catapult magazine

catapult magazine

Vol 6, Num 19 :: 2007.10.19 — 2007.11.02


Splendor in the grass

As I walked the aisles of the video store to pull out our family movie for the evening, one in particular stood out. I’d heard about it and had been anticipating seeing it. As my family and I lounged and laughed endlessly, Little Miss Sunshine left a vast impression. The impression that I left with was first of all just plain ole fun generated by a great fun-loving story. On the other hand, it had me thinking about how we dress up. In this case we learn via our young heroine’s ambitions that our dress up is really a cover up.

French intellectual Marcel Proust once noted, “Only through art can we emerge from ourselves and know what another person sees.” These words offer us a simple opportunity to reflect upon a movie that gives us a very poignant and visceral portrayal of both others and ourselves. It’s likely that many won’t be entertained by Sunshine. Regardless, let me say clearly, I love this film. And I’d like to suggest that Little Miss Sunshine offers us a mirror into our own families, our own personal secrets, our hopes and otherwise. I believe Sunshine offers us a fresh spin on life and can be of significant personal encouragement and challenge.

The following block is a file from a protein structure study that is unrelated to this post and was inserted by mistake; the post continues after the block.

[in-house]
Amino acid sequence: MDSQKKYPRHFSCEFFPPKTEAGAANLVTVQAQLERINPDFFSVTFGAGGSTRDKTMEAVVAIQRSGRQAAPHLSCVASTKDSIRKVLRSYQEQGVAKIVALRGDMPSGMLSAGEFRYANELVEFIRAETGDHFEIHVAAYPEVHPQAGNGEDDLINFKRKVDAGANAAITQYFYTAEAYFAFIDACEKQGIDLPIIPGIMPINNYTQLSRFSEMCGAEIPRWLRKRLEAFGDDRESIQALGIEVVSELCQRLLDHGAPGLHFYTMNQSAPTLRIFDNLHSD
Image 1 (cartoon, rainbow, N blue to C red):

In the first image of the movie we get a close-up of a young girl, the nebulous reflection of televised beauty pageantry billowing in her big-framed glasses. We see starry-eyed innocence alongside unrestrained jubilation as Miss America is crowned in the glowing reflection of our heroine’s big blue eyes.

We begin with a brief intro into the lives of each of our central players and then we arrive at a telling dinner sequence in which all of their quirks slowly unravel. As they devour Dinah’s Fried Chicken and frosty popsicles, we begin to sense the functionality of their dysfunction. In other words, we begin to see the normalcy of suffering in the family unit, theirs and ours. In this we’re given the opportunity to ponder what’s meant by dysfunction and how we might ultimately be putting ourselves and our families on trial with our hasty judgments of the Hoovers. As the second act of our story begins, the Hoovers begin an arduous trek from Albuquerque, New Mexico, to Redondo Beach, California to attend the Little Miss Sunshine Pageant, in their glossy yellow six-seater VW van. What emerges in the end is a splendid road-trip picture that’s just plain hilarious and darkly poetic. It’s charming and eloquent, a movie with soul.